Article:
Until Reagan.

But even the great Ronald Reagan couldn’t do it alone. He needed help.  That help came in the form of Pope John Paul II, himself a child of Soviet oppression in Poland.  It also came from Margaret Thatcher, the greatest British leader since Henry V.  (And no, I haven’t forgotten Churchill, Maggie blows him away.)  But until 1985, that’s about all Ronnie had.

But in 1985 Sylvester Stallone brought Hollywood squarely into the Cold War with a propaganda campaign unseen since the days of Casablanca.  In May Rambo came out; it portrayed the Soviets (and Vietnamese) as soulless, vile war criminals, hell bent on world domination.  And in November Rocky IV came out; it portrayed the Soviets as soulless, vile cheaters, hell bent on athletic domination through steroids and intimidation.

Rambo and Rocky were huge on the homefront too.  After years of declining morale and patriotism, Reagan had focused much energy on raising the national spirit.  Both movies grossed over $300 million, and their blatantly pro-American message made people’s hearts swell with a pride that hadn’t been felt in years.

With the Soviets already on the defensive for the first time since the battle of Stalingrad, this new front did not sit well with the embattled Soviet premiere Mikhail Gorbachev.  He publicly blasted the Hollywood propaganda machine (funny how he never seemed to mind when they were spewing out the usual Soviet-friendly propaganda Hollywood was notorious for during most of the 20th Century).  The Soviet Minister of Culture decried Stallone’s movies as part of an “anti-Soviet campaign.”

And how did good ol’ Ronnie respond?  Unlike past presidents who would have groveled and apologized, disavowed the films as not representing the true feelings of Americans, he embraced them.  He bragged about watching Rambo in the White House movie theater.  He mentioned Rambo in speeches, taunting Gorbachev and making it crystal clear that the days of American backpedalling were over.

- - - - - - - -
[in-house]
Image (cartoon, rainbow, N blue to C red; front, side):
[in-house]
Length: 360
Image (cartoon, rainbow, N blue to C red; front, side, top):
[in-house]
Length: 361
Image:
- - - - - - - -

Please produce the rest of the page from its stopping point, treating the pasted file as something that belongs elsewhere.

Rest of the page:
To make a long story short, after being on the defensive for literally every day since the end of World War II, it took just 9 years to turn the tide so completely that the Berlin Wall fell.  By 1991 the Cold War was over, and the Evil Empire was consigned to the “trash heap of history.”  And Rambo was an instrumental part of it all.  It wasn’t just the bad-ass way he blew Russkies away with his M-60 machine gun (shot one handed from the hip no less!)  It wasn’t just that he carried a knife bigger than most swords.  It was his will, his indomitable American spirit in the face of the seemingly unbeatable nemesis.

So next time you see any of the Rambo movies come up on AMC (that’s right, Rambo movies air on the American Movie Classics channel, so all you haters can suck it!), kick back and enjoy the flick.  And don’t be afraid to shed a tear or two when he gives his famous speech.

A few other notes about the great John J. Rambo:

–Lest you think Rambo was just another action hero, a caricature similar to a thousand other brainless Seagal or Van Damme movies: The original First Blood novel used to be taught in college literature classes before Hollywood commercialized the name and story.  David Morrell’s excellent novel is acknowledged as being one of the first works to discuss Post Traumatic Stress Disorder.  In fact, First Blood dealt with the issue of vets struggling to re-assimilate into society before the medical community had even coined the term PTSD.  Rambo is not a superhero, he is not invincible.  He is flesh and blood.  He also happens to be a badass motherfucker.

Rambo III, released in 1987, saw Rambo head to Afghanistan to face down the Soviets once again.  Since 9/11 this film has been mocked and derided for portraying the Muslim mujahedeen as allies and heroes.  In fact, the film is even dedicated to the mujahedeen.  And it’s true, those same mujahedeen would later produce such modern-day sweethearts as Osama Bin Laden and the Taliban.  But let’s not be naive, this is the way the world has always been.  Allies today become the enemies of tomorrow.  Don’t forget, we once crawled into bed with “Uncle Joe” Stalin to defeat the Nazis.  That’s right, in order to crush the Nazis in three-and-a-half years we allowed a new foe to flourish, one that would take 46 years to defeat.  So by my calculations, as long as we defeat the Muslims in the next… uh, let’s see, carry the one… 604 years, it won’t have been as big a blunder as cozying up to the Evil Empire turned out to be.